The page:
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Original Article
2 (
1
); 25-30
doi:
10.4103/0974-2727.66709

Lipid Profile of Type 2 Diabetic and Hypertensive Patients in the Jamaican Population

Department of Medicine, The University of the West Indies, Kingston 7, Jamaica
Basic Medical Sciences (Biochemistry Section), The University of the West Indies, Kingston 7, Jamaica
Department of Pathology, The University of the West Indies, Kingston 7, Jamaica
Department of Epidemiology, Provincial Centre of Hygiene and Epidemiology of Santiago de Cuba, Cuba
Address for correspondence: Prof. Dalip Ragoobirsingh, E-mail: dalip.ragoobirsingh@uwimona.edu.jm
Licence
This open access article is licensed under Creative Commons Attribution 4.0 International (CC BY 4.0). http://creativecommons.org/licenses/by/4.0
Disclaimer:
This article was originally published by Wolters Kluwer - Medknow and was migrated to Scientific Scholar after the change of Publisher.

Abstract

Aims:

Previous studies have shown that diabetes mellitus (DM) increases the risk of cardiovascular diseases in females to a greater extent than in males. In this cross-sectional study, we evaluated the lipid profiles of type 2 diabetic males and females.

Materials and Methods:

The study included 107 type 2 diabetic patients (41 males and 66 females), and 122 hypertensive type 2 diabetic patients (39 males and 83 females), aged 15 years and older. Total cholesterol (TC), triglycerides (TG), low density lipoprotein-cholesterol (LDL-C), very low density lipoprotein-cholesterol (VLDL-C) and high density lipoprotein-cholesterol (HDL-C) concentrations were assayed for each group using standard biochemical methods.

Results:

The mean TC, TG, VLDL-C, HDL-C and LDL-C concentrations, TG/HDL and LDL/HDL ratios were higher in type 2 diabetic and hypertensive type 2 diabetic patients compared with non-diabetic, and hypertensive non-diabetic control subjects, although these were not significant (P > 0.05). Hypertensive type 2 diabetic females had significantly higher serum TC (7.42 ± 1.63 mmol/L) than hypertensive non-diabetic males (5.76±1.57 mmol/L; P < 0.05). All the other lipid and lipoprotein parameters except HDL-C were non-significantly higher in females with type 2 DM and those with hypertension and type 2 DM, compared with type 2 diabetic and hypertensive type 2 diabetic males, respectively (P > 0.05).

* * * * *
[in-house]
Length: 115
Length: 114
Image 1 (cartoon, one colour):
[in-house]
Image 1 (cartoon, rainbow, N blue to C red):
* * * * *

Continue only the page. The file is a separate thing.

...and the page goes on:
Conclusion:

This study demonstrated that dyslipidemia exists in our type 2 diabetic population with greater TC in hypertensive type 2 diabetic females compared with hypertensive type 2 diabetic males. This suggests that hypertensive type 2 diabetic females are exposed more profoundly to risk factors including atherogenic dyslipidemia compared with males.

Keywords

Females
hypertension
lipids
lipoprotein
males
type 2 diabetes mellitus

INTRODUCTION

Diabetes mellitus (DM) is one of the leading health problems in the Caribbean, contributing significantly to morbidity and mortality and adversely affecting both the quality and length of life.[1] In 2000, diabetes mellitus was the third leading cause of mortality in the Caribbean region, accounting for approximately 10% of all deaths. Those aged 45-64 years were particularly affected.[2] In Jamaica, the prevalence of DM is high. Among the survey participants who were 25-74 years old in the city of Spanish Town, the prevalence was estimated at 13.4%.[3] A third of these participants had DM that had not been detected previously. These estimates were somewhat lower than those from an earlier population survey in Jamaica, in which the overall prevalence was 17.9%, with a 48% frequency of undiagnosed diabetes.[4]

In Caribbean populations, DM often co-exists with obesity, hypertension and dyslipidemia. Dyslipidemia is common in DM, as both insulin deficiency and resistance affects enzymes and pathways of lipid metabolism.[5] Characteristic abnormalities in lipids in type 2 DM include elevated triglyceride (TG) levels, decreased athero-protective high density lipoprotein-cholesterol (HDL-C) levels, and increased levels of small dense low density lipoprotein-cholesterol (LDL-C).[6,7]

Lipid abnormalities are commonly found in persons with DM but there is paucity of recent literature relating to local incidence in Jamaica. In this study, we evaluated the lipid profile of persons with type 2 DM, and those with both hypertension and type 2 DM, in a sample of the Jamaican adult population.

MATERIALS AND METHODS

Sample design